I opened a jar of heavy cream pasta sauce (pumpkin, tomato, cream, etc), ate some and stored the rest in the fridge. The next day it seamed to have sealed itself. The button stayed down when I happened to press it. When I opened it the second time it popped loud. Like new.

Why did this happen? Is it safe to eat? The sauce was store bought. Thank you.:)

Additional info added by OP (in a now-deleted answer):

I put it into the fridge within 20 minutes. But it was room temperature when it went in the fridge. I didn’t heat it at all and it wasn’t especially hot weather.

I asked because sealing seems significant. And it resealed itself with no action on my part. Should I check my refrigerator? Could a jar reseal on its own happen if the fridge temp was unstable? (The power didn’t go out but it's possible it could have been finicky in the storm overnight.)


2 Answers 2


If you put hot (or even warm) sauce in a jar, seal it, and place the jar into the fridge, as it cools, it (as well as the air in the jar) will contract. The larger the temperature change, the greater the vacuum that will be created.

Most likely, what you are seeing is warm sauce cooling and creating enough vacuum to suck in that button on the lid. If that's the case, it's perfectly safe to eat.

You say you opened the sauce, used some, and placed the rest (immediately??) into the fridge. That's a perfectly safe procedure for saving leftovers, so long as handling of the sauce did not introduce cross-contamination (ex via "double dipping").

  • It might not be safe depending upon what "ate some" means. If one takes a spoonful and eats it, and then uses the same spoon to eat some more (e.g. the way people on TV almost always eat ice cream), the contents of the jar will be contaminated by the bacteria in the saliva. Commented Oct 17, 2019 at 2:07
  • 2
    It's also possible that the barometric pressure where she is went up sharply due to weather.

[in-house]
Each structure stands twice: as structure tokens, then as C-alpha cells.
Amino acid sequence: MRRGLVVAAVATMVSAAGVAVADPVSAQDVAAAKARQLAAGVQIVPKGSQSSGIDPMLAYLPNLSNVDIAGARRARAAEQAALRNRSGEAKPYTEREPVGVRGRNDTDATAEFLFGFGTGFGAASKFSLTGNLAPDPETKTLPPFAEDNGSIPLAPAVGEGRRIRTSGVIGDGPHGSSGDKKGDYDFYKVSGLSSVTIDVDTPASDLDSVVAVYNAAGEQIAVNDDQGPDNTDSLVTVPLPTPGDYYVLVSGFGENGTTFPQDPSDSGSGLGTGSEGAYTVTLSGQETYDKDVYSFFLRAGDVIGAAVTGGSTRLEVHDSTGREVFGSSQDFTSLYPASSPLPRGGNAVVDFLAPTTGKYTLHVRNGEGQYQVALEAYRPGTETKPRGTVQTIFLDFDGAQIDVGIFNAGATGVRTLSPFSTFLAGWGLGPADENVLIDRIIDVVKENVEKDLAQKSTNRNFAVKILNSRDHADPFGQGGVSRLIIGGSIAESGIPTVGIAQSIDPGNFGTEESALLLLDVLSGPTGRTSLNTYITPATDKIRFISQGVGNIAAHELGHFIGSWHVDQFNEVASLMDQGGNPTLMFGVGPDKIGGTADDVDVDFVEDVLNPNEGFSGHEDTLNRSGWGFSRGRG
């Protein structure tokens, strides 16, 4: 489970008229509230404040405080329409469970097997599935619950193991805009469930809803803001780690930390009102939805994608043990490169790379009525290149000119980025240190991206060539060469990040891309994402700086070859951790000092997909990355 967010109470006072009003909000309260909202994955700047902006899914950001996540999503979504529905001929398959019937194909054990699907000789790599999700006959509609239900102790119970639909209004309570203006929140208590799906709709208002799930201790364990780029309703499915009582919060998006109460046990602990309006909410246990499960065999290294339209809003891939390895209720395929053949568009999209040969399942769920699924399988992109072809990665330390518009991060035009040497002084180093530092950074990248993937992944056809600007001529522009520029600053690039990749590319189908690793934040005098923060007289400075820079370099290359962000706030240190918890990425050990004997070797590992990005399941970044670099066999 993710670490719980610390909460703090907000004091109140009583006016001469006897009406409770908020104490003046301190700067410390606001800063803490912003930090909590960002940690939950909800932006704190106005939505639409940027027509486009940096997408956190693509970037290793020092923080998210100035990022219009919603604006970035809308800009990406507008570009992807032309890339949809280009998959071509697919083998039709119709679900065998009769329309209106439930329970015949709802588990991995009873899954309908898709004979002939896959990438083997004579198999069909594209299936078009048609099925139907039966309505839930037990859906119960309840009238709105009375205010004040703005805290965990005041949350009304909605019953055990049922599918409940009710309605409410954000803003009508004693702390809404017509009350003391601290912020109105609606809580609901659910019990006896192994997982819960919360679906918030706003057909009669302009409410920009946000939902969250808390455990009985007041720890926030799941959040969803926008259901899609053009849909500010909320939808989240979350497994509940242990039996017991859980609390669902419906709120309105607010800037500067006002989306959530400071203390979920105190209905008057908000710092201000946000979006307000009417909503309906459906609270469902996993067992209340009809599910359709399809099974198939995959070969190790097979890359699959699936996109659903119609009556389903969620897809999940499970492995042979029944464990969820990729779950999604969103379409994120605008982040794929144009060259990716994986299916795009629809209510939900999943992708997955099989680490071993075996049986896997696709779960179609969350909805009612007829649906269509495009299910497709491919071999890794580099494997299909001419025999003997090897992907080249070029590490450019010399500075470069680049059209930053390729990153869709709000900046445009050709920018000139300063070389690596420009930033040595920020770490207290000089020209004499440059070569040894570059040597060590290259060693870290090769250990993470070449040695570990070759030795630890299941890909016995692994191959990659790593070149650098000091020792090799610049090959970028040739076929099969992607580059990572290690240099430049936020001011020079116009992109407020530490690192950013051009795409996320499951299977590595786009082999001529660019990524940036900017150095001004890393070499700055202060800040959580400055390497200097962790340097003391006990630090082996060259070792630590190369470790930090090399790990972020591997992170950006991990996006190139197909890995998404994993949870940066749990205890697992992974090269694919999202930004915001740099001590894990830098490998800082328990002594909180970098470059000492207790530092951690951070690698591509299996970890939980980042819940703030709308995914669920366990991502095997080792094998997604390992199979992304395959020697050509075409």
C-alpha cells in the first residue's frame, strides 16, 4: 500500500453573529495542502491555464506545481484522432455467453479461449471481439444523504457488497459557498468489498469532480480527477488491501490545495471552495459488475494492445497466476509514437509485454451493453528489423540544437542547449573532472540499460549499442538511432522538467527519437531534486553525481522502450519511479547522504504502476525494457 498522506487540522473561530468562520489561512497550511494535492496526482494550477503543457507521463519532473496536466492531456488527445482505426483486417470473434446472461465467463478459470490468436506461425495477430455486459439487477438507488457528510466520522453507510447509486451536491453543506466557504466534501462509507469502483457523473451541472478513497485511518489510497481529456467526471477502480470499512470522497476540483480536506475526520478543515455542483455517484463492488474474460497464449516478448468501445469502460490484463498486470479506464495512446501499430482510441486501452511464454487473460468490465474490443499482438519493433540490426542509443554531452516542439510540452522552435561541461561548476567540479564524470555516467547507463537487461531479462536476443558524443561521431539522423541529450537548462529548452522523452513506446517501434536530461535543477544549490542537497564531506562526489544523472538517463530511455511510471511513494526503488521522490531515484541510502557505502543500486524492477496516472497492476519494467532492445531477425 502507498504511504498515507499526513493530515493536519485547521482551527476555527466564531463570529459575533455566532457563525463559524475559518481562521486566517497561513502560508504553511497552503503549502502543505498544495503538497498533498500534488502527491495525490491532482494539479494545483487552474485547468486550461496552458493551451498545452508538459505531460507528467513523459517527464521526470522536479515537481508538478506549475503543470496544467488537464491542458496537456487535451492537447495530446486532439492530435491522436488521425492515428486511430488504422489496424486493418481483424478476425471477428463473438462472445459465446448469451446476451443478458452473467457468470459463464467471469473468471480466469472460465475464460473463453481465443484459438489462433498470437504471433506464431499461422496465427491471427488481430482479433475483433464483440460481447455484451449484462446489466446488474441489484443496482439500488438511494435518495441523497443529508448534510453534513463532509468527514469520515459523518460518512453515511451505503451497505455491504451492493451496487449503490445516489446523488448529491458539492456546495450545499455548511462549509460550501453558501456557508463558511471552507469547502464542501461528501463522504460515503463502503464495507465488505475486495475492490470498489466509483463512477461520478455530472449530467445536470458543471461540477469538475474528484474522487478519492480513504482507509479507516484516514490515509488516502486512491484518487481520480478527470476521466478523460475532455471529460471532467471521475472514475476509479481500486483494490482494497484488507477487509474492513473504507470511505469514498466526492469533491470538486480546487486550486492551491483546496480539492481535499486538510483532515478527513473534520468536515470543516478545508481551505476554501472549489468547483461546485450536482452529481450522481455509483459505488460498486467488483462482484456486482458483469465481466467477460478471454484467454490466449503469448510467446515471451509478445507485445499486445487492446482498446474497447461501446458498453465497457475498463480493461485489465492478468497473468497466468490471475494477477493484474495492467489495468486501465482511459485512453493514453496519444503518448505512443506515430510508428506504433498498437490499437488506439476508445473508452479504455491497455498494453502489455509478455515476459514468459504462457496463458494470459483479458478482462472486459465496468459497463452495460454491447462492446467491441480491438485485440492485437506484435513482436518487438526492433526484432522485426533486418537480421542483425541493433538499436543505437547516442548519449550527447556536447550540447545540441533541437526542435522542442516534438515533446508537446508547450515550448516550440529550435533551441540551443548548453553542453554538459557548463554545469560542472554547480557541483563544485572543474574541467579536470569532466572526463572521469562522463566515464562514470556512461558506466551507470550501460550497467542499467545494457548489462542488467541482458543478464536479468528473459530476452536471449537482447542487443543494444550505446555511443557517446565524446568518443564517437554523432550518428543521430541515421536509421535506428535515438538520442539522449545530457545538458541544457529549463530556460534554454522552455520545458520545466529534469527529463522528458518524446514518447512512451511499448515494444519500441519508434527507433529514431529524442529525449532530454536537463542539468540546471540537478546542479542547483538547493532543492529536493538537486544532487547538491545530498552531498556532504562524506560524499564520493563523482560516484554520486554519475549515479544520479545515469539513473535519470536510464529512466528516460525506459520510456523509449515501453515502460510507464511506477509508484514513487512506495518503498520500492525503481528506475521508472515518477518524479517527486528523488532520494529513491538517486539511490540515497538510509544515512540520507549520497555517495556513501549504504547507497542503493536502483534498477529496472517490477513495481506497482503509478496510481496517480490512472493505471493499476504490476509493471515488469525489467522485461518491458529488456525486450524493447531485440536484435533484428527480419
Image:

– FuzzyChef
    Commented Oct 17, 2019 at 19:27
  • Great point @FuzzyChef. A change of pressure outside the jar (up) plus a change inside the jar (down) would be additive in creative a differential to make that button pop down.
    – AMtwo
    Commented Oct 17, 2019 at 21:25

To respond to OP's additional detail that the sauce that remained in the jar was unheated before refrigerating, I will just say that I have had this happen at least once or twice too. It's nothing to worry about.

When a partially empty jar cools, the air inside will cool too. As the air cools, it exerts less pressure upward on the lid. Effectively, the air tries to "contract" inside as it gets cooler, and the (normal pressure) air on the outside of the jar pushes down on the "button."

If the temperature difference is enough when cooling, and there's enough air, the button could push down again. It's the same phenomenon that sometimes can happen if you have a room temperature plastic bottle of some liquid (say, juice), and you empty a significant portion of it before refrigerating it. Several times, I've had such a bottle become indented by the air pressure outside pushing in on the bottle (while the air inside the bottle contracts). As noted in comments, if air pressure changed in your area due to a weather change or something, that could also impact the possibility of the "button" resealing.

It would be exceptionally unusual for a "button" depressing like this to indicate anything wrong with the sauce. Instead, what's more worrisome is when the "button" pops up unexpectedly before the jar is unsealed. Bad bacteria and other organisms could produce waste gases that cause a jar to "pop up." In that case, I'd throw the sauce out. But a jar becoming resealed upon refrigeration? That's normal and just happens sometimes.

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